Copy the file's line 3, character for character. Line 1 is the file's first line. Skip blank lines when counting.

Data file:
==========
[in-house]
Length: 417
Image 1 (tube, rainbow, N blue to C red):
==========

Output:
Image 1 (tube, rainbow, N blue to C red):